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In their shoes - Lead Teacher

Lead teacher career advice

In our 'In their shoes' series, we aim to give you a brief insight into the many roles within education.

Here Adrian Coates from High Well School in Wakefield (a special school for pupils with social and emotional needs) lets us in to a day in the life of a Lead Teacher.


 
 

Tell us about your job

As a Lead Teacher I am primarily a class teacher delivering a variety of subjects, but I also support the Head Teacher with other essential tasks involving curriculum, staffing and recruitment.


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Tell us about a typical day at work

On arrival I ensure that all my teaching resources for the day are organised and ready and meet with the Head Teacher to discuss the day ahead. We then have a whole staff briefing to ensure everyone is aware of what is happening on that day.

We welcome the pupils into our school breakfast club and the school day begins. My days usually consist of teaching, helping to ensure the school runs smoothly and anything else that crops up! The whole staff team meet at the end of the day to discuss any issues and then I ensure I am prepared for the following day.

What do you enjoy most about your role as Lead Teacher?

I am very fortunate that I still get to teach and interact with the pupils daily but also get the opportunity to have a say in how our school is run.

We are a small school so everybody knows each other. I really enjoy being able to speak with colleagues and pupils on a regular basis, offering support when required. Providing emotional support to our students is as important as academic learning. I consider it a privilege to be in a position to help these young people prepare for a positive future.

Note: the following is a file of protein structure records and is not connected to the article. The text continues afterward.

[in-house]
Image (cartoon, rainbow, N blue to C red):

What do you find challenging?

For me, the key to helping young people develop is knowing your pupils – what will engage them, motivate them, make them smile. The children I work with have a wide variety of needs and have experienced difficulties with their education.

These pupils have low self-esteem and lack faith in themselves and others. Gaining their trust is not easy but, with resilience and patience, you have a unique chance to help someone realise their potential.

How did you get into teaching?

I changed career in my thirties. I worked in IT and redundancy gave me an opportunity to re-train. I volunteered in local primary schools and realised that I loved the atmosphere within a school. I did a schools-based PGCE and have never regretted the move.

What advice would you give anyone thinking about a future in teaching?

Make sure you spend some times in schools and make sure it's for you. This may sound daft but don't do it if you don't like kids. The holidays are great (especially if you have young children) but it's a job which you need to be fully committed to. I don't think anyone would appreciate their own children being taught by someone whose heart wasn't really in it.

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